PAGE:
Panel tells SRA it must do more to protect consumers using solicitors in unregulated firms


Martin: Thin impact assessment

The Legal Services Consumer Panel has fired a warning shot across the bows of the Solicitors Regulation Authority, saying it needs to put more consumer protections in place before pressing ahead with its controversial plan to allow solicitors to practise from unregulated firms next year.

The panel also criticised the lack of economic analysis carried out by the SRA on the impact of the move and said information ‘remedies’ to ensure that people understand the risks of using such a solicitor may not be enough.

Writing on the panel’s website, its chair, Dr Jane Martin, said she welcomed the “thinking” behind the move: “This proposal means improved flexibility. And markets need flexibility to thrive, to be competitive, and to be agile enough to respond to consumers’ needs. And increasingly, consumer needs include a preference for convenience and or one-stop shop models.

“I must also commend the SRA for pursuing a pragmatic solution to the problem of access to justice – flexibility in delivery methods.”

She also accepted that in developing such solutions, “tensions between competing objectives may arise”, such as here between advancing access and consumer protection.

“The reality is that a reduction in consumer protection may be defensible if a decrease serves a wider and broader interest,” she explained.

Solicitors working in unregulated practices will not be required to have professional indemnity insurance and will not contribute to the Solicitors Compensation Fund. There are also uncertainties around access to the Legal Ombudsman, because work carried out under the supervision of a solicitor would appear to fall outside of its remit.

Dr Martin said she had expected the SRA’s impact assessment to justify this reduction in consumer protection.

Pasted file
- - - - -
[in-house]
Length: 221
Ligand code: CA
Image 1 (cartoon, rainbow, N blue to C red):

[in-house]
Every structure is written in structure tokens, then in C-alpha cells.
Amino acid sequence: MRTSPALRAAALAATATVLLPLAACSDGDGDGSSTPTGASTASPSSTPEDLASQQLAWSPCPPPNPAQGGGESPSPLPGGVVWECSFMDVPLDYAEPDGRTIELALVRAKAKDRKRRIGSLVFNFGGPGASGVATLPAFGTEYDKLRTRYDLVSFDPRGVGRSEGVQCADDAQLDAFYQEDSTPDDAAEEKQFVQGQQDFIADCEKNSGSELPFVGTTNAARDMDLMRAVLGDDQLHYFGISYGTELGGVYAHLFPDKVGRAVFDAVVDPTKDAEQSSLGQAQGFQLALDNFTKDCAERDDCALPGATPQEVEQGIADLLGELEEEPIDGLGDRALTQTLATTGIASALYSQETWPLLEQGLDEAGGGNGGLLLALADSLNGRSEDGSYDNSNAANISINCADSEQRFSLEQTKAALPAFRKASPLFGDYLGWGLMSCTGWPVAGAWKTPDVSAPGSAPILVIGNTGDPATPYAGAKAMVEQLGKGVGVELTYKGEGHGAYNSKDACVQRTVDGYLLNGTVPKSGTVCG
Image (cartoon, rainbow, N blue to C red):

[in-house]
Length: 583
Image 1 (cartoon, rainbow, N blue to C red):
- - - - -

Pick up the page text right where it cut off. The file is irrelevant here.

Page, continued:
“Unfortunately the SRA’s impact assessment is thin on economic analysis and consumer research; the backbone of such a significant shift in policy,” she said.

She continued: “The SRA proposes to use information remedies to highlight the reduction in consumer protection. But this skips over whether the reduction is justifiable in the first instance.

“Also, information remedies have limitations… In a market with existing information imbalance between providers and consumers, often in relation to a distress purchase, and where behavioural biases can render consumer decisions more prone to error, this additional layer of complexity, and the proposal to mitigate it with information remedy, seems overly ambitious.

“The SRA needs to be realistic about the risks that consumers can reasonably be expected to both understand and manage.”

Dr Martin suggested that the SRA consider reducing, but not eliminating, insurance and/or compensation fund contributions, recognising the “reduced risks as solicitors operating within unregulated firms will not have access to client money”.

She also questioned the SRA’s claim that its proposal was widely supported by consumer groups at a focus group meeting.

“We can only comment on what we have seen publicly from other consumer groups like Citizens Advice who have also warned against an imbalance between flexibility and access…

“Like us, Citizens Advice has cautioned against severe reductions in consumer protection. We hope the SRA takes heed.”




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